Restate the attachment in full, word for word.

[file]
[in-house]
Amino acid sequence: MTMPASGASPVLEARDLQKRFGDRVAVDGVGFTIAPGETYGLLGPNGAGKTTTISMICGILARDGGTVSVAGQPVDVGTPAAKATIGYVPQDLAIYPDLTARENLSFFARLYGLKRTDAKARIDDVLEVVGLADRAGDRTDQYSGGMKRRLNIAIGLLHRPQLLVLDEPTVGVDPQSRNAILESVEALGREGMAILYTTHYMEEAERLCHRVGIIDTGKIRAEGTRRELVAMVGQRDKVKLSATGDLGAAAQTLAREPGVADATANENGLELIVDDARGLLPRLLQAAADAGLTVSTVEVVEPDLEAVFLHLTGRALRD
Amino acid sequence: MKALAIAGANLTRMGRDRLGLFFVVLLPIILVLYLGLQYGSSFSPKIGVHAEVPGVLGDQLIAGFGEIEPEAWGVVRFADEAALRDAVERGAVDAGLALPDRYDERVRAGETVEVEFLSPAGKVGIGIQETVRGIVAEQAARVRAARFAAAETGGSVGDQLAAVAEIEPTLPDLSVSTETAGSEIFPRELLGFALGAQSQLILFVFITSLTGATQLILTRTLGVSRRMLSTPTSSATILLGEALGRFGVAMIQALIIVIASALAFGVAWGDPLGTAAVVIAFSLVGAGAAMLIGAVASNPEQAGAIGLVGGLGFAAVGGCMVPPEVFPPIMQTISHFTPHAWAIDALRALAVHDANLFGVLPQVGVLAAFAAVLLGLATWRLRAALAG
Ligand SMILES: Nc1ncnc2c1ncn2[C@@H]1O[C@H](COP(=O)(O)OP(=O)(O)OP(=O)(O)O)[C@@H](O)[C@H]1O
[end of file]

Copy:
[in-house]
Amino acid sequence: MTMPASGASPVLEARDLQKRFGDRVAVDGVGFTIAPGETYGLLGPNGAGKTTTISMICGILARDGGTVSVAGQPVDVGTPAAKATIGYVPQDLAIYPDLTARENLSFFARLYGLKRTDAKARIDDVLEVVGLADRAGDRTDQYSGGMKRRLNIAIGLLHRPQLLVLDEPTVGVDPQSRNAILESVEALGREGMAILYTTHYMEEAERLCHRVGIIDTGKIRAEGTRRELVAMVGQRDKVKLSATGDLGAAAQTLAREPGVADATANENGLELIVDDARGLLPRLLQAAADAGLTVSTVEVVEPDLEAVFLHLTGRALRD
Amino acid sequence: MKALAIAGANLTRMGRDRLGLFFVVLLPIILVLYLGLQYGSSFSPKIGVHAEVPGVLGDQLIAGFGEIEPEAWGVVRFADEAALRDAVERGAVDAGLALPDRYDERVRAGETVEVEFLSPAGKVGIGIQETVRGIVAEQAARVRAARFAAAETGGSVGDQLAAVAEIEPTLPDLSVSTETAGSEIFPRELLGFALGAQSQLILFVFITSLTGATQLILTRTLGVSRRMLSTPTSSATILLGEALGRFGVAMIQALIIVIASALAFGVAWGDPLGTAAVVIAFSLVGAGAAMLIGAVASNPEQAGAIGLVGGLGFAAVGGCMVPPEVFPPIMQTISHFTPHAWAIDALRALAVHDANLFGVLPQVGVLAAFAAVLLGLATWRLRAALAG
Ligand SMILES: Nc1ncnc2c1ncn2[C@@H]1O[C@H](COP(=O)(O)OP(=O)(O)OP(=O)(O)O)[C@@H](O)[C@H]1O